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This PGA champion lost the Wanamaker trophy.  Whoops.

It’s almost impossible to talk about the PGA Championship’s Wanamaker Trophy without mentioning how five-time champion Walter Hagen lost it in Chicago after winning the event in 1925.

According to the story, while in Chicago celebrating the victory, Hagen gave his cab driver $5 and asked him to take the bulky trophy to his hotel. Not only did it never happen, but Hagen never admitted defeat to the PGA until he lost the championship in 1928 and had to present the trophy to the winner.

The trophy is tied to PGA history. It is named after department store owner Rodman Wanamaker, who in 1916 established the Professional Golfers’ Association of America.

“Rodman Wanamaker was a huge fan of professional golf and perhaps even more of Walter Hagen,” said Connor Lewis, a golf historian. “He believed that professional golf was the way of the future – perhaps a decade ahead of the general public – who at the time believed in the ideals of amateur play.”

Wanamaker invited a group of golf professionals, including Hagen, to meet and form the association to help elevate the professional game.

“At that time, professional golf was not a real occupation; it was frowned upon,” said Tom Clavin, author of “Sir Walter,” a biography of Walter Hagen.

Wanamaker had two primary motives, Clavin said. One was to form a professional association to improve the position of golf. Another: money.

“Let’s face it,” Clavin said. “There was a business motivation to form the PGA. The man was a department store tycoon. By creating the PGA, he could make golf more popular, get more people to play golf, and sell a lot of clubs, balls, and apparel.

The PGA gave the cup its name and the first PGA Championship was held in 1916 at the Siwanoy Country Club in Bronxville, NY Jim Barnes won the trophy, which was designed by Dieges & Clust – the same company that created the Heisman Trophy in 1934. The PGA Silver Trophy weighs 27 pounds and measures over two feet high and two feet wide, handle to handle.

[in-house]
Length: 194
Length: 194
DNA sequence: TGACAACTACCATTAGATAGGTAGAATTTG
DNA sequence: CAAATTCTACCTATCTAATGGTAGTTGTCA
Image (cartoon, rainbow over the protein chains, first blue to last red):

“Wanamaker’s prestige and bankroll got golf off to a great start, and it was perfectly timed,” Clavin said. “It was after World War I, during the Roaring Twenties, and there were more and more professionals playing. More and more people started following golf and wanted to know who was winning. There were Bobby Jones and Walter Hagen making headlines. Professionals were beginning to storm the doors. And Hagen was leading the charge.

Hagen won the first of his five PGA Championships in 1921, but did not win again until 1924. For the 1925 event, Hagen carried the trophy to the event at Olympia Field Country Club near Chicago . He won again – but that’s also when he lost it.

In 1926, Hagen defended his title without the trophy. It was PGA policy for the winner to return the trophy the following year, according to Bob Denney. a PGA historian. Hagen told officials, “I’ll win it anyway, so I didn’t bring it.” Hagen said the same thing in 1927 to defend his title.

“It was Hagen – they just laughed it off,” Clavin said. “He was a showman and a great golfer. Everyone was just winking – ‘Hey, it’s Walter.’ »

It wasn’t until 1928, when Leo Diegel won, that Hagen confessed to losing the trophy. Again, it was embarrassing, but officials ignored it, Denney said. The missing trophy was replaced with one made by R. Wallace and Sons of Wallingford, Connecticut. It was set for the 1929 PGA Championship, with Diegel’s name on it. Diegel successfully defended his title at that year’s tournament and eventually won a trophy, but it wasn’t the Wanamaker.

“You’d be hard pressed to find the Stanley Cup or the Heisman where the winner actually lost it,” Clavin said.

In 1931, the PGA announced that the trophy had been found. A janitor cleaning the basement of the building that once housed the Walter Hagen Golf Products Corporation in Grand Rapids, Michigan, discovered a large box containing the trophy, Denney said. How he got there remains a mystery.

“The taxi driver probably dropped him off at the hotel, and the hotel sent him to his company headquarters,” said Paul Wold, historian of the Rochester Country Club, where Hagen was a club professional.

Hagen, who isn’t one to do much introspection, didn’t give it much thought, Clavin said.

“You feel like he was a real prince of a guy,” Wold said. “People loved him and he really raised the overall esteem of professional golf.”

It’s hard to top the Hagen incident, but there have been minor gaffes over the years.

In 2014, at Valhalla Golf Club in Louisville, Ky, the lid of the trophy fell off when Ted Bishop, who was then PGA President, presented the trophy to winner Rory McIlroy – who grabbed it before he could. touches the ground. “You saved me,” Bishop said.

During the 2020 PGA Championship at TPC Harding Park in San Francisco, the lid fell. Collin Morikawa hoisted the Wanamaker, shaking it until the top cover came loose and fell to the ground. Morikawa gripped his chest, replaced the lid, gently lifted the trophy and kissed it.

As the Wanamaker Trophy moves on to a new champion each year, winners also receive an on-site engraved replica to keep. The PGA has the original, which will soon be on display at its headquarters in Frisco, Texas.

“It would be ugly to have nothing to show for the win,” Wold said. ” Is not it ? »

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